Xagent Mac Malware
Xagent is the name of a piece of malware that can infect computers running MacOS, among other devices and operating systems. The malware is believed to have links to the threat actor group collectively known as Fancy Bear or APT28 - an entity operating out of Russia that some believe is backed by the Russian military intelligence agency.
The malware was not always intended to target Mac computers. According to security researchers, Xagent's origins can be traced back to a piece of malware that was tailor-made to infect the software running on Ukrainian artillery howitzers.
An earlier version of the Xagent source code was obtained by security researchers back in 2015 and an extensive analysis was published. However, the Mac version of the malware is a little different.
Xagent that affects Macs is distributed through the Komplex downloader and is also sometimes referred to as XAgentOSX - a mash-up of the Windows Xagent malware's name and OS X - the name of Apple's OS prior to 2016.
The Mac version of Xagent can receive commands from its operators using command and control servers. Additionally, the malware kas a keylogger module and can record keystrokes on the compromised machine.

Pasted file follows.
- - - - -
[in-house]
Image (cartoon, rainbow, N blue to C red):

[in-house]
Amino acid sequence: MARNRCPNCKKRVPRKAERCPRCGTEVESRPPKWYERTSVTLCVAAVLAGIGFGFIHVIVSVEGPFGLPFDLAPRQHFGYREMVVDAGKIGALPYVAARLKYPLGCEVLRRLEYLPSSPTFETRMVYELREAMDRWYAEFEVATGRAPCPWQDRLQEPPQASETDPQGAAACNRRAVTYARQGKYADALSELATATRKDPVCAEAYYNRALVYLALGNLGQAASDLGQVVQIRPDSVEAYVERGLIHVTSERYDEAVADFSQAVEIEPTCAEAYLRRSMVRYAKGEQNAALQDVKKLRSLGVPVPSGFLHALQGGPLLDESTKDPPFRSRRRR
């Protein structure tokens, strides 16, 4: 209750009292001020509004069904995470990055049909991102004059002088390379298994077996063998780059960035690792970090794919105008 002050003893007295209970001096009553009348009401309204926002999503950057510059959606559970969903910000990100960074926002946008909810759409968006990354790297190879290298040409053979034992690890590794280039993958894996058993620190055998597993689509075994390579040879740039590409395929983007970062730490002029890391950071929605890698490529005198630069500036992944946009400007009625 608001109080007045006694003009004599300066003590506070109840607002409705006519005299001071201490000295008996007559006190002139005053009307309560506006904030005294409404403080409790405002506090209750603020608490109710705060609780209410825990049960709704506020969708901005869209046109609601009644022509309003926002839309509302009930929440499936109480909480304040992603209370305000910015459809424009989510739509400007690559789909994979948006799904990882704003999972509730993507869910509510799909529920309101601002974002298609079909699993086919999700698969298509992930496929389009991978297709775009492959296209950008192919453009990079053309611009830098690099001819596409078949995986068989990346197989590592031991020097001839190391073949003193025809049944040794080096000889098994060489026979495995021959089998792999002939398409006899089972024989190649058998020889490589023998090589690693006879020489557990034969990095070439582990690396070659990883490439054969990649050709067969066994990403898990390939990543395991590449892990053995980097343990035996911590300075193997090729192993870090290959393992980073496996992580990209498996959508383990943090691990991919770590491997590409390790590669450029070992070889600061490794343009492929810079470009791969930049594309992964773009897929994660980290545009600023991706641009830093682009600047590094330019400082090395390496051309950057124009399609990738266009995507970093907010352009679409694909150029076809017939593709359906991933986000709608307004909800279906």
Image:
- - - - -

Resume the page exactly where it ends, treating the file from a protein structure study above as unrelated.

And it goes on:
There is a wide range of commands that the command and control server can feed into the malware on the infected system. Those include commands to collect information about currently running processes, username and OS version.
Additionally, Xagent can check if the compromised computer has a backup of a mobile iOS device on its storage. The malware can also download additional files from specified locations. Once a file has been downloaded, the C2 server can also execute it using a different command. Finally, the malware can also create an exhaustive list of all files found on the target system and take screenshots at set intervals of time.
When analyzed by security company Palo Alto Networks, the malware was found to contact the following C2 servers:
The researchers also believed that the actors operating both Windows and Mac versions of the Xagent malware have set up a centralized command and control infrastructure, which allows them to control devices running both operating systems using the same servers and methods.
Xagent is significantly more dangerous than the common garden variety browser hijacker that is commonly associated with the words "Mac malware". Luckily for regular home users, it is primarily used in highly targeted attacks and is not distributed in malicious spam email campaigns that have much greater reach.